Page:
Good news first–traveler’s diarrhea is not the end of the world, or even your vacation. You can keep any impact on your plans to a minimum with a few simple steps to be taken before and during any cases of traveler’s diarrhea.
Although extremely unpleasant, traveler’s diarrhea is not fatal, and one can usually recover inside a week with little to no treatment or medication. If you do come down with it, the best thing to do is to increase your fluid consumption to counteract the liquids lost during bowel movements. You may want to consider using fluids that contain a bit of glucose, such as diluted apple juice. This will help you maintain your fluid levels. Change your diet to incorporate bananas, rice, applesauce, and toast (the BRAT diet) to give your bowels a rest until they recover.
If it appears that just waiting it out isn’t going to work, there are some pharmaceutical products you may want to consider. Antimotility drugs, such as Imodium, can slow your metabolism and reduce the diarrhea. Two tablets of Pepto-Bismol four times a day have been found to be a reliable means of recovering from traveler’s diarrhea or preventing its onset. (Remember that Pepto-Bismol can turn your stool dark, even black.) Similar medications in varying strengths are, generally speaking, readily available. Check with your doctor before leaving to find one suitable for your personal status, especially if you are pregnant or suffer from allergies or other pre-existing conditions.
As it is a bacterial condition, antibiotics can be of some use in suppressing traveler’s diarrhea. These should be taken exclusively under qualified medical supervision or recommendation and are needed only in the severest of cases.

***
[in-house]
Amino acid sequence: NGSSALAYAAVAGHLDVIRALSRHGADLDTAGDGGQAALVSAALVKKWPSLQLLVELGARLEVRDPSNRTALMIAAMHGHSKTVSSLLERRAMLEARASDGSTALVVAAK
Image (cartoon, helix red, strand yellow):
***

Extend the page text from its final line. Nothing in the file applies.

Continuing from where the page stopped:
If you experience fever, lethargy, nausea, and/or vomiting, contact a healthcare professional immediately to rule out something more severe than simple traveler’s diarrhea.
An ounce of prevention is worth a pound of cure, or so they say. The best way to treat traveler’s diarrhea is by heading it off completely. Because it is caused by bacteria, adhering to some common hygiene protocols can go a long way towards keeping you safe.
Among the most common causes of traveler’s diarrhea is contaminated water; this is especially noteworthy for this condition, because if you have traveler’s diarrhea, you should be drinking more water–make sure it isn’t contaminated or you will make yourself worse! Shared utensils, such as refilled bottles or pitchers, can also serve to transmit bacteria. You can protect yourself by drinking from a personal water bottle and insisting that all beverages be still sealed and opened only in your presence. Carbonated beverages are a particularly good choice, as it is much more difficult to simulate a carbonated drink being newly opened.
Produce tends to be washed in unsafe water and may be contaminated itself. Buying fresh vegetables and handling them yourself is a good way to keep safe; avoid green salads as well, as these could still be contaminated and will not have the added precaution of having been cooked.
Cooking your own food can be a challenge while traveling, but it is the best way to make sure that your food is fully cooked or kept chilled under sanitary conditions. Try to find out what local food looks like when fully cooked, and check any dishes you order to make sure they are not underdone. When eating out, you may also want to wash silverware yourself to guarantee that it has been properly cleaned since the last diner.
A final way to keep safe is to read up on your destination; certain regions of the world have known risks of traveler’s diarrhea, and knowing whether or not you will be in such an area is the first step towards keeping yourself safe.